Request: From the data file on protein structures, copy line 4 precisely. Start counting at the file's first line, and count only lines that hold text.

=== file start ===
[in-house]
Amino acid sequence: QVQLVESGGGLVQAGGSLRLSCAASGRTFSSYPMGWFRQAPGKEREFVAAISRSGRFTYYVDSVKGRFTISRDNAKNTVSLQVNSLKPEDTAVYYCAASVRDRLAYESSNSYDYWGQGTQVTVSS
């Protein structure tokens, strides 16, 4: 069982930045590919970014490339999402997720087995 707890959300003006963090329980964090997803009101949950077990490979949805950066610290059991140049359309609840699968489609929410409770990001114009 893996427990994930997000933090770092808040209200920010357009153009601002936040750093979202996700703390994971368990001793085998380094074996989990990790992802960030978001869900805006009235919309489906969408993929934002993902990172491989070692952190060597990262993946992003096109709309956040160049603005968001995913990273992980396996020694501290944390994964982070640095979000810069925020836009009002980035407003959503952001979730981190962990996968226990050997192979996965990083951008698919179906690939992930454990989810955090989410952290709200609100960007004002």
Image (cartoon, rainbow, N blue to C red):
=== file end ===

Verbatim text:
Image (cartoon, rainbow, N blue to C red):